The psychology of mobile commerce

All the current buzz surrounding the rise of mobile shopping has thrown up much in the way of discussion surrounding how much time and money brands should dedicate to targeting individuals via way of mobile devices. This is all well and good but along this trajectory of thought many eCommerce site owners have missed a very important point: mobile shoppers do not always arrive at eCommerce sites with the same motives and shopping styles as desktop users.


They may, in some cases, be an entirely different demographic of consumers with different desires and tastes and the ways we engage these consumers, garner sales from them and ultimately understand their psychology is very different.


It’s time to consider the fundamental differences between mobile and desktop shoppers and ensure that these differences inform the way we market to these individuals.


Logic would suggest that the slower bandwidth would mean that mobile users would be more in favour of text heavy websites. However, the smaller screenwidth found on mobile devices in fact encourages users to rely on imagery as their main way of extracting of information. What is even more surprising about mobile shoppers is their desire to view video content despite the fact that connection speeds are usually slower.


Mobiles have become second screens in the sense that they are often used whilst the user is watching television or listening to the radio. This does present a few issues for marketers, as the ability to capture a consumer’s undivided attention is diluted considerably if the individual in question is only half-heartedly looking at their phone whilst also watching TV. More problematic still is the early evidence suggesting that second screening may alter the brain, triggering depression and emotional problems. These conditions often illicit negative shopping behaviours, such as indecision and pessimism surrounding a buying option. This is extremely problematic for site owners trying to inspire as many onsite transactions as possible.


The second screen phenomenon also allows for multichannel campaigns to happen. If users are viewing smart TV that their mobile phones are linked up to, brands can send pop-up adverts to mobiles during commercial breaks when their adverts are being shown on the primary screens -the TVs. The idea being that, if a consumer is watching an advert for a certain brand they also see appear on their phone, the impact is doubled and brands will be able to engage the user even more.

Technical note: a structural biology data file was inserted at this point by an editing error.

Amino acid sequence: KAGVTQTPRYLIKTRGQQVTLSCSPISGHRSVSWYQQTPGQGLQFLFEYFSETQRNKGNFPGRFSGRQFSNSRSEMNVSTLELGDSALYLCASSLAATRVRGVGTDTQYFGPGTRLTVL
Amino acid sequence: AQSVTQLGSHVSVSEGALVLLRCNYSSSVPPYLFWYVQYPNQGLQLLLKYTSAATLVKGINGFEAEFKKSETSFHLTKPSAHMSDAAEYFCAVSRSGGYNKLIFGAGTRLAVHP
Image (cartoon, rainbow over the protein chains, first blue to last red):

Mobile phones are, in essence, digital sidekicks. They go everywhere with the user, meaning that the opportunity to market to the owner – via push messages in the case of eCommerce apps, or promotional e-shots sent to email addresses – allows marketers to promote their products more easily than ever before. This needs to be remembered. Marketers can access their mobile customers any place and anywhere and strategy should be built with this in mind.


However, there are certain times of day when mobile usage is particularly high. For example, 70% of mobile phone owners check their phones in the morning. A further 56% check at night. This has huge implications for marketers. They can choose to push products at these times. They need to take on board the fact that, at these times, mobile users are most engaged and likely to make purchases. In terms of usability, site speeds will have to be at their optimum at these times and no site maintenance should take place between these hours. That would cause the site to become temporarily unavailable.


The constant search for amusement means that smartphone users are more partial to great quality content than desktop users. The challenge for marketers is to create even more engaging, cutting edge, content through a variety of multimedia which can produce high levels of engagement. Sharp, concise videos that run smoothly, are mobile optimised and showcase the brand, can undoubtedly encourage shoppers to stay on websites longer. Furthermore, if the user journey has been cleverly plotted and the mobile user arrives at a page that enables a fast transaction, purchases will begin to increase.


Though mobile marketing for eCommerce involves a slightly different approach than it would if brands were purely looking to target desktop users, it is not hard to draft up a marketing plan with the psychology of mobile usage at the forefront. With the colossal increase in mobile traffic, eCommerce sites really can’t afford to miss out on engaging these consumers.